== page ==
Wisconsin May "Ban the Box" on Employment Applications
A recent Employment LawScene™ article discussed the EEOC’s recent heightened efforts to crack down on employers’ use of criminal background checks in making hiring decisions. As part of its efforts, the EEOC issued guidance to employers in April 2012, in which the EEOC endorsed the policy of removing questions regarding criminal conviction history from job applications as a best practice for employers.
Following the EEOC’s lead, in what can only be described as a nationwide movement that has recently gained considerable momentum, 53 local jurisdictions and 8 states (including Minnesota) have enacted “ban-the-box” legislation that would prohibit employers from considering a job applicant’s criminal conviction record before the applicant has been selected for an interview. Two other states, California and Illinois, have adopted “ban-the-box” policies through administrative directives rather than legislation. (Statistics courtesy of the National Employment Law Project).
Wisconsin could become the next state to “ban the box” on employment applications. On August 27, 2013, a bill that would prohibit employers from asking for information regarding an applicant’s criminal conviction record before the applicant has been selected for an interview, was introduced to the Wisconsin legislature and referred to Committee. Wisconsin Assembly Bill 342 provides that requesting an applicant for employment to supply information regarding his or her conviction record on an application form or otherwise inquiring into or considering an applicant’s conviction record before the applicant has been selected for an interview, constitutes employment discrimination under Wisconsin law. The bill would not, however, prohibit an employer from notifying applicants for employment that individuals with certain conviction records may be disqualified by law or the employer’s policies from employment in particular job positions.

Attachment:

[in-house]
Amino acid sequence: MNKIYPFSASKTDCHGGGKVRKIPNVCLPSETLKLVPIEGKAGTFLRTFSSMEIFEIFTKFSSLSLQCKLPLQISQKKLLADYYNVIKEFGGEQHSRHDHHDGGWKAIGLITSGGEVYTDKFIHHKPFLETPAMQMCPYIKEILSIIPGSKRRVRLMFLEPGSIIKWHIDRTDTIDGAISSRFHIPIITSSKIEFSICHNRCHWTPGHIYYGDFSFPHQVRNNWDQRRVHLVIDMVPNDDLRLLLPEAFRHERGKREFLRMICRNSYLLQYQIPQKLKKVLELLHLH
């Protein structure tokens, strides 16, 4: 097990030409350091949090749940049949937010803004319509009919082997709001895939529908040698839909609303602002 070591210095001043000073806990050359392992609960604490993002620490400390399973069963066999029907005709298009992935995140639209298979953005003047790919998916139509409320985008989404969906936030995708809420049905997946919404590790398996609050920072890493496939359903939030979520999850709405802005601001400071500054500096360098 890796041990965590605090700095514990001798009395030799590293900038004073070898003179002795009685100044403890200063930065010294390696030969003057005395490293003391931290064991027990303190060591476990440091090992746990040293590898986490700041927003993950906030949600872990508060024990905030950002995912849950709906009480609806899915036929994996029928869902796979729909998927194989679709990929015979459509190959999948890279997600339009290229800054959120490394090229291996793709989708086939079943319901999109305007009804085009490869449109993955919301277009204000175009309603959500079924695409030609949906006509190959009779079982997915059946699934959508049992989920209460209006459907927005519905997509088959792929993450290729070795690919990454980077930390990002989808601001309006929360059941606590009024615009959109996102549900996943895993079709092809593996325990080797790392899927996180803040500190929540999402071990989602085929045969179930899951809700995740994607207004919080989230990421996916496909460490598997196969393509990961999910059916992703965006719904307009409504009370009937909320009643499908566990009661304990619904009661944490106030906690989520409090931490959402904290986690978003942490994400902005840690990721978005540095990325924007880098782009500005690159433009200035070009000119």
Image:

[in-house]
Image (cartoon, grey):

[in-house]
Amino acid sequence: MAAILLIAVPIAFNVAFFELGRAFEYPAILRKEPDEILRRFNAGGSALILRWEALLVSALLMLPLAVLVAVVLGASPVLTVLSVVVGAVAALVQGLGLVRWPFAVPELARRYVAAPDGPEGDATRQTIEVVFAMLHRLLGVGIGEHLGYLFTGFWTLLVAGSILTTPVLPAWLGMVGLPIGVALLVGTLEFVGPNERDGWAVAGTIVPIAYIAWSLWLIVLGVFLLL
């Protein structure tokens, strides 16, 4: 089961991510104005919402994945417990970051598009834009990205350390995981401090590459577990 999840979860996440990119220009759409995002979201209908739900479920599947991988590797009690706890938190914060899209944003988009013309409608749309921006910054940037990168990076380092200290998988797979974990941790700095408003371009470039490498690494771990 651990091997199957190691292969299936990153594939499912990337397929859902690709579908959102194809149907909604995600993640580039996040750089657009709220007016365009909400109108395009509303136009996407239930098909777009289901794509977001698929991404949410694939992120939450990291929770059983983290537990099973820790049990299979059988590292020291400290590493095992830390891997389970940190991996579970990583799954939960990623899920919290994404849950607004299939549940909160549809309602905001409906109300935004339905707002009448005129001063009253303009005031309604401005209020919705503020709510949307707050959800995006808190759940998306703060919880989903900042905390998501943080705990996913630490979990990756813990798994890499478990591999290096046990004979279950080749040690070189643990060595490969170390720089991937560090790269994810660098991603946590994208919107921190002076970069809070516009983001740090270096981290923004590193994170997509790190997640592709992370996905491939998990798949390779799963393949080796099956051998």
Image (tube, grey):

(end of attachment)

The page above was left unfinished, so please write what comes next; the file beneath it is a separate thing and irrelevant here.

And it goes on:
Understandably, a number of employers use criminal background checks to identify job applicants who might present a risk to the employer’s business, its employees, and its customers or clients. Wisconsin employers should pay close attention to Assembly Bill 342 as it makes its way through the State legislature, as passage of this bill could result in a number of employers having to make significant changes to their hiring processes and job applications.